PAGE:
Excellent tool. Once you get by the first interface learning curve, it is easy to learn, very well documented and simple to do the basic stuff. If you want to get more serious, of course it is harder, but I was able to do things I deemed were very complex with not so much work, thanks to Tableau. Besides, since I am an academic researcher, they have a generous free license program that allows me to perform my research without spending all my (not-so-abundant) resources, such as with statistical analysis softwares (unfortunately...). The visualization possibilities are most helpful not only to analyze, but to synthesize sometimes, so it works as a means and an end at the same time. I am very impressed and thankful to Tableau software and the community that helped me get through with Social Media Analytics for my PhD.
It is resource intensive, so you better work on a good (hopefully desktop) computer. Specially if dealing with big data. Also, sometimes the interface goes a little crazy and you have to load and unload to get the visualization right. It crashes with some frequency, but I have never lost much of the work thanks to an auto-recovery tool. The data import may feel less intuitive (as compared to the worksheet interface) and I had problems importing *.csv files and converting date fields.
Don't be fooled by its clean interface and simple online tutorials. If you want to do some interesting stuff with Tableau, it's going to take some patience and know-how. There's a wonderful online community of people who are willing to answer your questions and offer examples, but at the end of the day, Tableau projects tend to take some TLC to get to the finish line.
Also, because this is the middle-point between custom coding and incredibly basic transformations, some of the most extreme options are not available. For example, I wanted to allow users of my visualization to select a data subset for their own needs and export it as a .csv to their device. While exporting is an option in Tableau, the organization of the exported data is wonky, and can't be customized. Instead of getting the rows and columns in the order I'd like them, users are getting the data in alphabetical order. This isn't a problem, per se, seeing as the users can easily sort the data out themselves in a program like Excel. I just wish I could have figured that out for them.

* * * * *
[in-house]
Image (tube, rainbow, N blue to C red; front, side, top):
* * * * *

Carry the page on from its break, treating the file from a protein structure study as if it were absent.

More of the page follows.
Tableau is powerful, but it's not all-powerful. Then again, if you're not looking to get to crazy, it's going to fit your needs perfectly, and simply.
Our company has pretty big needs of data analytics and visualization with more than 100 clinical data analysts. Tableau is an expensive solution, but it is worth to invest it to deal with all the variety of development and maintenance needs.
We adopted it for our internal report and dashboard development, to monitor clinical data and key performance indexes. The Tableau server was well integrated with out clinical database. It provides rich functions of easy report authoring, configurability, security control, and automated data extraction. Arguably, Tableau is one of the leaders in the area of business intelligence tools for many aspects.
Tableau Desktop for authoring report in local machine used to be slow when it is loaded with heavy data. It is stable when it is in authoring mode, but used to crash especially when it is connected to large volume of data in remote databases. Fault tolerance should be improved.
Tableau offers comprehensive Business Intelligence and Data Visualization features that most organizations will find sufficient for their use. The somewhat steep learning curve is eased by the availability of good-quality online resources. The compatibility with various devices and Operating Systems makes the software even more compelling.
Tableau allows you to visualize your data, whether simple or complex, in nearly limitless ways. Although the software taks some getting used to, once you have a hang of the bassic features, you can set about automating most of the routine reporting for your enterprise easily. Also it is a breezeto share your data and the visualizations are rendered faithfully on to diparate devices and different platforma like iOS, Android,Windows etc.
Uploading data from certain data sources can sometimes get very, very slow. Also, the software is not the simplest to use and the "Help " section for most topics offers precious little. However, this minor problem is easliy sorted due to the vast, high-quality user-created content and tutorials available online.
The application is very easy to use and understand. I had started to use Tableau Software a couple of months back, the interactive dashboards are very clear and help us understand what the figures mean, giving us an overall picture. There are different types of customizable charts and tweaking them is a lot of fun too. These kinds of visualizations are very important, especially while you consider the analytics, it keeps the team interested and helps in removing unwanted assumptions. You can connect with any data source and it improves collaboration by facilitating group analytics. You can group data by using the bar type graph options. The tool enables superimposing of information between related variables. You can create coding queries without much technical knowledge. They keep updating features to catch up with the current standards and requirements.
I can't see the autosave feature anywhere, which is a very major drawback. Also, the application takes time to load sometimes.